Happy Earth Day! Please feel free to visit my company’s store and shop for as many home energy efficiency products as your credit card can handle! Spend! Buy! And while my company doesn’t sell eco-rubbers we do sell stuff.
By god, we would like to make money doing it.
Lots, if possible.
Apparently I should feel bad about this.
In today’s New York Times, a front page article raises the specter of how business has crept in to Earth Day.
Earth Day Forged from Idealism and a Vision for the Future
In 1970 when Earth Day was started 40 years ago, there were lots of things that were bad, and pretty much everything in “the establishment” would have been included. Recall there was a wildly unpopular war (Viet Nam was far, far more divisive than our current wars, I think), and Rock ‘n Roll was
new far more than music with a back beat, and Nixon was President. There was a great deal of idealism. Baby Boomers were just blooming and asserting themselves (I think I count in that demographic).
The Clean Air Act was signed. An oil crisis happened. Nixon was out, Carter was in with his cardigan and turning the thermostat down to 68° and driving 55 in increasingly clean and efficient cars.
Then, a funny thing happened. We grew up, got jobs, had kids, and some would say “sold out” … or perhaps the better word would have been “bought out”! By 1980, Reagan was president and the silly and annoying acts of the past were tossed (solar panels removed from the White House). Radical groups like Green Peace were doing silly things. The enviros had marginalized themselves. Business was back, baby!
Then, another funny thing happened. It took a while, but after an orgy of growth, consumption, and money, money, money it all came crashing down (almost). So do we love business or hate business? Are corporations good or bad? Is it OK to spend money on things that allow us to consume prodigiously without using so much energy?
Has Earth Day Matured Now That It’s Forty?
And now, 40 years after the first Earth Day, various environmental movements are organized. The ones that have been effective have made a difference. Others have gone by the wayside. There’s still a radical fringe, but as I look around, I realize that there’s a nascent and growing market for “green” stuff. Is that bad?
My experience at an Internet start-up was revealing, in some ways, and is instructive.
I was part of one of those Internet start-ups you may recall hearing about — we built a better search engine (started the same year as Google) and I could see what people were searching for. We all realized the Internet was a force, hopefully a good one, but as I watched what people were actually using our search engine for, I realized my noble ideas of the Internet were dampened a bit.
It turned out that a remarkable share of the population used search engines to find porn and all sorts of other not-so-noble things. The things people searched for would make a sailor blush.
Yet over time people are using the Internet for lots of things — some ignoble to be sure, but even the most cynical person must accept that some of the good things we hoped the Internet would bring are coming to pass. It’s a mixed bag, to be sure.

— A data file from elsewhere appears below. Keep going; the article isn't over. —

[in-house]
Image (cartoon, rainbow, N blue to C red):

Earth Day Needs A Shrink
So back to various environmental, eco, green and other movements, perhaps kicked off for real 40 years ago on the first Earth Day. We’re still terribly conflicted about our relationship with capitalism, the “establishment” (which we now are), what’s right versus what’s effective, and about money and business.
My personal views have evolved in several ways — I am not a big fan of ExxonMobil, for example, but I do see that corporations can do good things. I graduated from college with a degree in Economics and was effectively a disciple of Ayn Rand — free, unfettered markets solve all. Since then I have come to see that humanity is smarter and willing to do whatever it takes to screw the other guy.
Free markets work best when there’s someone keeping an eye out for the cheaters. But I absolutely believe that the fundamentals of capitalism are not evil, and can indeed allow our smartness as a species to do good things.
Can Business And Idealism Coëxist?
Doing good things is very subjective, of course. So let’s agree that “good things” can turn out to be bad things (“The road to hell is paved with good intentions”).
So let’s get over our ideals about what is right and wrong. It’s not black and white.
I can say with absolute certainty that the company I joined, Energy Circle, is based on the idea that we can, as a business, move along what we believe to be a very important change in our society. We are reading the signals of the markets, taking opportunities where we see them arise, and trying to build a business that helps people make their homes and offices more efficient.
Our goal as people, the members of the corporation, is to be part of the movement that solves what we think is one of the world’s most significant problems. Our goal as a corporation is to survive, and thrive as a business so that we can continue to be part of this movement. Otherwise, we’ll need to get a job for another company.
If you’re angry that Earth Day has turned into a massive commercial opportunity, take a look around and realize that while some, even much, is purely “green washing”, some businesses using Earth Day to sell is motivated by genuine desires to do the right thing. It’s hard to tell which is which, but over time, the idea started 40 years ago turned from a movement to a full-blown part of our society.
In the US this pretty much means that we start businesses and sell things. I highly recommend starting with an energy monitor (free shipping Earth Day Special!), which we happen to sell at my company’s online store.